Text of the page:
People, in general, not just artists, get upset if they found out that their work has been pirated or reproduced illegally. Whether it’s visual art, music, a poem, or a simple photo or images, it is necessary to ask the owner if you want to reproduce their work. While copying other artwork without the permission of the owner or the artist is an infringement of the copyright law, there is still the question of whether the artist is willing to do anything about it, legally. Many artworks are reproduced illegally every day, and going into a legal battle is not the best route to take. Despite that, many artists still attempt all kinds of legal actions in regards to the unauthorized use of their material or art.
Artists who go that route end up winning the legal battle, but that is not the point. The point is, doing this takes time and money. For struggling artists, this situation is challenging. Artists who want their work to get free publicity are having difficulty in finding a platform. Some of them don’t even care anymore if they someone wants to pay them or not for their art. Many companies are no longer taking a risk on getting the service of artists who can sue them if their artwork is getting reproduced. Because of this, people are less exposed to art, whether from traditional media or in print ads or any publications.
Don’t forget people in the art department are paid or receive royalty fees for their work that corporations used in their projects, but that’s not always the case. There are times that companies don’t have a budget to include art in their plans. So, every time an artist files a legal complaint against companies; they should always ask these questions:
- Is the company using your art exclusively?
- Are they making money out of it?
- Is it essential to pursue legal actions?
If the artist does not adequately address these questions, he or she should think twice before filing a case. There are times that companies don’t pay the owner, but they will honor and give them the platform to showcase their talent. Instead of spending money on the artwork, companies will promote it and hope that more people will recognize and encourage to buy their art. Another situation is when an artist is asked to lend their art in a particular project for a big product, but they are told by the company that there is no budget to pay for the art. If this is the case, they should do everything in their power to be a part of that kind of project. Imagine the exposure they can get if their art is used in TV, print advertising, film (watch Monument’s Men for reference) or simple product placement (the best example if this is. Remember, if the product is more significant than your name, it will do more good to you than you to them. Never looked at this kind of promotion as your way to earning big money. Most of this kind of production has little wiggle room when it comes to the budget. But if a big corporation asked you if they can use your art as a means to attract followers, then that’s a different story. Most people working in advertising are big art lovers. If they are interested in a particular art, they will make sure that that art will be given a proper homage in their production (take for example Andy Warhol’s Campbell’s Soup Can advertisement in 1962). Whether your art is used for money grabbing schemes or for set decorations, artists should be happy since they have given them the platform to express the artist’s work. So in case you are in this kind of predicament, instead of taking legal actions which are time consuming and can cost a lot of money for both parties, be grateful and consider it as a big honor. Imagine how many artists in this world and how many of them are given a chance to be part of a specific project that has a TV or film exposure. Taking legal actions for art copyright infringement is always justified whether they are home owner paintings or a big commissioned art piece.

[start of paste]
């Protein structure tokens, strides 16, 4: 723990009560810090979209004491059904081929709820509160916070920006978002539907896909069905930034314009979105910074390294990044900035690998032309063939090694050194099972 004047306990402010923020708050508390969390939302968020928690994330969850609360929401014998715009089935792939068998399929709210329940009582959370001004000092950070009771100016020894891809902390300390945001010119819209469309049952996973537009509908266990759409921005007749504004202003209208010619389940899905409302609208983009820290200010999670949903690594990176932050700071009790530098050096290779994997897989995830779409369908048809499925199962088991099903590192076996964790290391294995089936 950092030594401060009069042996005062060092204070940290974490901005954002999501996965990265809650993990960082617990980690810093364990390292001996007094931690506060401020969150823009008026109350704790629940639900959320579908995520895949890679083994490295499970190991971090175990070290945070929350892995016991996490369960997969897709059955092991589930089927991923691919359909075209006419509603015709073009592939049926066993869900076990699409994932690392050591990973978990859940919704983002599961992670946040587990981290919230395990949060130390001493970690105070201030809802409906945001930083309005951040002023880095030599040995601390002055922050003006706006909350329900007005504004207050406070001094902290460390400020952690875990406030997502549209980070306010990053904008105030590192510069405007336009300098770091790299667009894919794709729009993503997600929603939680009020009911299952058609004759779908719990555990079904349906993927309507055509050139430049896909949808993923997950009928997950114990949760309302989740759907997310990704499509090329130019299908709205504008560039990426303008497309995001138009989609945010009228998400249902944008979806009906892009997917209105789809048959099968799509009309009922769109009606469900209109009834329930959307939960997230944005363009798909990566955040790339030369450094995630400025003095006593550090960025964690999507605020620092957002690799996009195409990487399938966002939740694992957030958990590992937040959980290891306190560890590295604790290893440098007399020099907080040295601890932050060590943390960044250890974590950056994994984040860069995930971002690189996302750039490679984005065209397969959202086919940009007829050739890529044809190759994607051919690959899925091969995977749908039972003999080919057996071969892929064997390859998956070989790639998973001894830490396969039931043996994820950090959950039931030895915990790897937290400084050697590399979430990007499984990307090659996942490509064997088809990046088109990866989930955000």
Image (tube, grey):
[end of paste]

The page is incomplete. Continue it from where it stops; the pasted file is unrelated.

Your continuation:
Artists should decide when to take legal action and when not to. There are times that it is better to allow the art to be reproduced, of course with the artist’s permission. Legal action is an unnecessary risk. Publicity is always good for everyone’s career. Money can follow afterward.
Art people should allow their art to be reproduced as often as possible if it is beneficial to their career. The more people can see their art, the higher the chance they can get sponsors, exhibits, representation, sales or even commissions. Remember, reputation is vital in this business. The higher your name on the ladder, the more art you can sell. So instead of depleting all your resources trying to sue everyone who appreciates your art, turn it around and add those accomplishments to your resume.